21.03.2013 REPORTS

An eternal optimist defends the low-qualified

GENERATION NEXT. Portuguese adult educator Inês Cerca fights against social injustice in a country under a severe economic crisis.

Until the end of March, Inês Cerca, 31, works as a trainer in a state-run learning centre. Her duties also include strengthening the validation system of adult education. The unsecure future does not defeat this young adult educator with a positive attitude.

"In my work I get inspired of following the learning processes. It is rewarding to see that learners´ gain self-esteem as they become qualified. I also get inspired of the learners. From aged learners I hear about old Portuguese traditions and history.

The most annoying feature of my work is the bureaucracy of non-formal adult education in my country. The amount of documents we have to sign per learner is tremendous, because we have to follow our national framework.

The mission of non-formal adult education is to develop learners. It gives tools to understand the world and criticize it. The second mission is to fight against poverty by giving people with low skills keys to save themselves from poverty trap.

I became an adult educator because I want to help people. My parents are teachers and as a child I wanted to become a primary teacher, too. As a teenager I realised it is not for me and went to study social sciences to the University of Coimbra. I majored in sociology and I was interested especially in developing local communities.

After graduation I worked in the University for a while, but soon I found myself working in a local development association that also did adult education. First I knew nothing about this field. Then I worked five years in a learning centre that was established in a framework of governmental "New Opportunities" programme.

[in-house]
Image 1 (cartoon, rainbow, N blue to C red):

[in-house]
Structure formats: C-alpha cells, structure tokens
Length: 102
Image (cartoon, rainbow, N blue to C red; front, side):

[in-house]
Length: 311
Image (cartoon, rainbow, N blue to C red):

In ten years I do not know where I am and what I do. This month I will be unemployed, because the government is reorganizing non-formal adult education and New Opportunities Centres cease to exist. Due to the economic crisis, people cannot make long term plans. I hope in the future I will have a chance to continue working with adult education and local communities.

In my life the most important things are my family and my job. Family and friends help us grow and develop as persons. They help us in hardships. Work is an important part of identity and through that one also gets lots of friends. I meet my previous colleagues also outside of work: we go out together for example.

I would like to educate people with low skills level, because they are in the biggest risk to slip into poverty. In the times of crisis, however, everyone needs tools to face challenges. There are for example many people with high qualifications, who have problems with managing their budget because it has suddenly rapidly decreased because of the crisis."

Text: Aura Vuorenrinne

Inês Cerca took part to EAEA´s first Younger Staff Training in 2011.

More information:

Carlos Ribeiro: "Professionals disagree with government on evaluation of Novas Oportunidades/New Opportunities" InfoNet, 17 February 2013